Solidarity of Strangers is a crucial intervention in feminist, multicultural, and legal debates that will ignite a rethinking of the meaning of difference, community, and participatory democracy. Arguing for a solidarity rooted in a respect for difference, Dean offers a broad vision of the shape of postmodern democracies that moves beyond the limitations and dangers of identity politics.
This title is part of UC Press's Voices Revived program, which commemorates University of California Press’s mission to seek out and cultivate the brightest minds and give them voice, reach, and impact. Drawing on a backlist dating to 1893, Voices Revived makes high-quality, peer-reviewed scholarship accessible once again using print-on-demand technology. This title was originally published in 1996.
Jodi Dean is Professor of Political Science at Hobart-William Smith Colleges. She is on the editorial boards of Constellations and Philosophy and Social Criticism, and is the editor of Resisting the Political: Feminism and the New Democracy.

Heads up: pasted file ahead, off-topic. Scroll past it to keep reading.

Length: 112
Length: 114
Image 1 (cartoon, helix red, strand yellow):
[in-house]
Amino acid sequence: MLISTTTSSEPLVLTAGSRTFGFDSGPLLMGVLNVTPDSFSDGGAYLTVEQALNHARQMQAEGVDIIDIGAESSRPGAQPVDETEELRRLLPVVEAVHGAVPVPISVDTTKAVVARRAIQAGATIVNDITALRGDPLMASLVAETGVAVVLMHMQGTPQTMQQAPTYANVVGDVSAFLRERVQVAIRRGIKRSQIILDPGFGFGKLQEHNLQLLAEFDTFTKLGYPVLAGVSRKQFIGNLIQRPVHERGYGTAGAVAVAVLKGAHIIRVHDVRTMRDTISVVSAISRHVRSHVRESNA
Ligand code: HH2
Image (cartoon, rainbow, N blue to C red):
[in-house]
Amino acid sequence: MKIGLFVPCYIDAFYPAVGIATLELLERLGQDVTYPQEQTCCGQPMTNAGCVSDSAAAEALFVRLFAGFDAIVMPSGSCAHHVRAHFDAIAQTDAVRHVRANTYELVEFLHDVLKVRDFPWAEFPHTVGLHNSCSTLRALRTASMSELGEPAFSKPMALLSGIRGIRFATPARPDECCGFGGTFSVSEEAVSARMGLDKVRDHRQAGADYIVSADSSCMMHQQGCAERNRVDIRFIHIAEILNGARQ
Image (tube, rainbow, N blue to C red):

"Anyone concerned by the swirling academic and political debates over identity politics, multiculturalism, and what could bring us together in divisive times should read Jodi Dean's welcome argument for reconstructing a conscious, deliberative solidarity. With insightful engagement with scholars as diverse as Judith Butler, Cornel West, Jürgen Habermas, and Lynet Uttal, Dean models the kind of dialogue she advocates."—Martha Minow, author of Making All the Difference: Inclusion, Exclusion, and American Law "Solidarity of Strangers is an impressive achievement. Dean works to move political theory beyond the poststructuralist/Habermasian divide as she offers a discourse ethics that accounts for difference and a universalism that does not abandon specificities."—Shane Phelan, author of Getting Specific: Postmodern Lesbian Politics "Dean offers a strong, original, and humane defense of universalist ideals against doubts—which she deeply grasps and sympathetically arrays—of the compatibility of such ideals with a respect for difference."—Frank Michelman, Harvard Law School "Dean has a real gift for weaving personal narrative, current events, law, and high theory. Her complicated and important argument attempts to move behond the either/or of identity politics and its critics via a creative reevaluation of universalism premised on difference and plurality. A very important book."—Judith Grant, University of Southern California, author of Fundamental Feminism: Contesting the Core Concepts of Feminist Theory "Calling for inspiration on Habermas, George Herbert Mead, and their critics, Dean challenges conventional interpretive constraints on law and theory, aiming to open up contestable spaces to democratic practices. She offers the ideal of reflective solidarity as a vehicle for reclaiming a qualified notion of universality for feminism. This controversial move will no doubt provoke debate, requiring readers to think through the link between our epistemological convictions and our political commitments."—Kathy Ferguson, author of The Man Question: Visions of Subjectivity in Feminist Theory